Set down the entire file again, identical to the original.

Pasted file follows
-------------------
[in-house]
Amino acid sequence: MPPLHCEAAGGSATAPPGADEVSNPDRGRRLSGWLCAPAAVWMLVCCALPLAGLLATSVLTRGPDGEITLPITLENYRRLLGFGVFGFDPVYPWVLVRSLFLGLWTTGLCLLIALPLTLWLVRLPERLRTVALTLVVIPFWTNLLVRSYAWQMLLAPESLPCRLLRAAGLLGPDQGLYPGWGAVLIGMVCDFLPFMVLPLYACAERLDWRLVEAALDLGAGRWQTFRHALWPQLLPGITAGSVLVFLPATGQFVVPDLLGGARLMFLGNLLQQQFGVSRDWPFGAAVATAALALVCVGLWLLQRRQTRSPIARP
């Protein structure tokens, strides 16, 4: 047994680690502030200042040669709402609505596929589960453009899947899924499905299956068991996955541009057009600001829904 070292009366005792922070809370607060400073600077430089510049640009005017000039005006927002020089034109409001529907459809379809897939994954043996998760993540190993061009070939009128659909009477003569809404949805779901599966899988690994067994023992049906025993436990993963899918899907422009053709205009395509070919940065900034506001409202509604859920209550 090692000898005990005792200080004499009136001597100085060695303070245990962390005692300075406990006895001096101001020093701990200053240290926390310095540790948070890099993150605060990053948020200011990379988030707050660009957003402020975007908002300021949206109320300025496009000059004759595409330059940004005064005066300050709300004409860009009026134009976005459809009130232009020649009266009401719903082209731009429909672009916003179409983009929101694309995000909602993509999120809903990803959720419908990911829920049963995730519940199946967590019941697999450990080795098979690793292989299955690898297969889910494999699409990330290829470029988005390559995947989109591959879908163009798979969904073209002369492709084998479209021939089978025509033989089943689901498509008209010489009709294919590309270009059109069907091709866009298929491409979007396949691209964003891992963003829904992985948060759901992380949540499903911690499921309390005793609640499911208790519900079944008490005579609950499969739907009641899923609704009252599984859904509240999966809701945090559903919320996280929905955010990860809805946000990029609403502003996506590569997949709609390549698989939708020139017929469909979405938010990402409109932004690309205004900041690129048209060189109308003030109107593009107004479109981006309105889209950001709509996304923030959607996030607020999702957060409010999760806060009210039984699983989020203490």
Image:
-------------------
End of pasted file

[in-house]
Amino acid sequence: MPPLHCEAAGGSATAPPGADEVSNPDRGRRLSGWLCAPAAVWMLVCCALPLAGLLATSVLTRGPDGEITLPITLENYRRLLGFGVFGFDPVYPWVLVRSLFLGLWTTGLCLLIALPLTLWLVRLPERLRTVALTLVVIPFWTNLLVRSYAWQMLLAPESLPCRLLRAAGLLGPDQGLYPGWGAVLIGMVCDFLPFMVLPLYACAERLDWRLVEAALDLGAGRWQTFRHALWPQLLPGITAGSVLVFLPATGQFVVPDLLGGARLMFLGNLLQQQFGVSRDWPFGAAVATAALALVCVGLWLLQRRQTRSPIARP
């Protein structure tokens, strides 16, 4: 047994680690502030200042040669709402609505596929589960453009899947899924499905299956068991996955541009057009600001829904 070292009366005792922070809370607060400073600077430089510049640009005017000039005006927002020089034109409001529907459809379809897939994954043996998760993540190993061009070939009128659909009477003569809404949805779901599966899988690994067994023992049906025993436990993963899918899907422009053709205009395509070919940065900034506001409202509604859920209550 090692000898005990005792200080004499009136001597100085060695303070245990962390005692300075406990006895001096101001020093701990200053240290926390310095540790948070890099993150605060990053948020200011990379988030707050660009957003402020975007908002300021949206109320300025496009000059004759595409330059940004005064005066300050709300004409860009009026134009976005459809009130232009020649009266009401719903082209731009429909672009916003179409983009929101694309995000909602993509999120809903990803959720419908990911829920049963995730519940199946967590019941697999450990080795098979690793292989299955690898297969889910494999699409990330290829470029988005390559995947989109591959879908163009798979969904073209002369492709084998479209021939089978025509033989089943689901498509008209010489009709294919590309270009059109069907091709866009298929491409979007396949691209964003891992963003829904992985948060759901992380949540499903911690499921309390005793609640499911208790519900079944008490005579609950499969739907009641899923609704009252599984859904509240999966809701945090559903919320996280929905955010990860809805946000990029609403502003996506590569997949709609390549698989939708020139017929469909979405938010990402409109932004690309205004900041690129048209060189109308003030109107593009107004479109981006309105889209950001709509996304923030959607996030607020999702957060409010999760806060009210039984699983989020203490």
Image: